This directive tells the compiler that the system needs to arrange for the threads to have mutually exclusive access to the following structured block of code. That is, only one thread can execute the following structured block at a time. The code for this version is shown in Program 5.2. We’ve omitted any error checking. We’ve also omitted code for the function f (x).

In the main function, prior to Line 16, the code is single-threaded, and it simply gets the number of threads and the input (a, b, and n). In Line 16 the parallel directive specifies that the Trap function should be executed by thread count threads. After returning from the call to Trap, any new threads that were started by the parallel directive are terminated, and the program resumes execution with only one thread. The one thread prints the result and terminates.

In the Trap function, each thread gets its rank and the total number of threads in the team started by the parallel directive. Then each thread determines the following:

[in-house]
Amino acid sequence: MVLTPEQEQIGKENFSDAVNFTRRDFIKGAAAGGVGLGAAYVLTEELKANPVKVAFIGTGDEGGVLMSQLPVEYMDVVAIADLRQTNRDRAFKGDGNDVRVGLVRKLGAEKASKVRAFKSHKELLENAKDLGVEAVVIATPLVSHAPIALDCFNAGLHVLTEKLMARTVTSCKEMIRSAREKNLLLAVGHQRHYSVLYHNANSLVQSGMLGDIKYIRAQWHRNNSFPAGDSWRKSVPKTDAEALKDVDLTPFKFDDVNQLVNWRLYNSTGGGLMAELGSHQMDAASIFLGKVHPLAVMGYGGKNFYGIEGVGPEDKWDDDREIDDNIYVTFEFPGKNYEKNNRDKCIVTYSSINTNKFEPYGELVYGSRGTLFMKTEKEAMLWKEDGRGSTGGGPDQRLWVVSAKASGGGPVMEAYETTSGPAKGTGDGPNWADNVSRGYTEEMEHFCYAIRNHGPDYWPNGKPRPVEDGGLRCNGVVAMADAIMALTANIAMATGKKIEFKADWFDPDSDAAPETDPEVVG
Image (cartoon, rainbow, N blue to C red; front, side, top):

The length of the bases of the trapezoids (Line 32)

The number of trapezoids assigned to each thread (Line 33)

Program 5.2: First OpenMP trapezoidal rule program

#include <stdio.h>

#include <stdlib.h>

#include <omp.h>

void Trap(double a, double b, int n, double*  global_result_p);

int main(int argc, char  argv[]) {

double         global_result = 0.0;

double  a, b;

int     n;

thread count = strtol(argv, NULL, 10);

printf("Enter a, b, and nnn");

scanf("%lf %lf %d", &a, &b, &n);

#  pragma omp parallel num threads(thread count)

Trap(a, b, n, &global_result);

printf("With n = %d trapezoids, our estimatenn", n);

printf("of the integral from %f to %f = %.14enn",

a, b, global result);

return 0;

}  /  main  /

void Trap(double a, double b, int n, double         global result p) {

double  h, x, my result;

double  local_a, local_b;

int  i, local n;

int my_rank = omp_get_thread_num();

h = (b-a)/n;